There are three conditional independence models (*AB, BC*), (*AC, BC*) and (*AB, AC*). We’ll look at the first of these; the others are similar. The model for (*AB, BC*) consists of the saturated model with the* λ ^{AC}* and

*λ*terms dropped. It therefore has (

^{ABC}*a*– 1)(

*c*– 1) + (

*a*– 1)(

*b*– 1)(

*c*– 1) = (

*a*– 1)

*b*(

*c*– 1) degrees of freedom.

The probability that an observation will occur in cell* ijk* is

Let’s look in particular at the conditional independent model (*CG, CT*) for Example 1 of Three-way Contingency Tables (see Figure 1).

**Figure 1 – Expected frequencies for ( CG, CT) model**

All the marginal totals for the expectations are set equal to the corresponding totals for the observations. Each of the cells in the range J6:L9 are calculated as described above. For example the expected frequency of a positive result for males taking therapy 1 (cell J6) is calculated via the formula =M6*J12/M12.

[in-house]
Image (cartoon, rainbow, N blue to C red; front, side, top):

The degrees of freedom for this model is (2 – 1)∙2∙(3 – 1) = 4. From these results, we can calculate the results in Figure 2.

**Figure 2 – Residuals and chi-square for ( CG, CT) model**

This table is similar to Figure 2 of the Independence Model for Two-way Contingency Tables. We see that χ^{2} (maximum likelihood) is 5.59 with 4 degrees of freedom, which is not significant. This means that this model is a good fit for the data.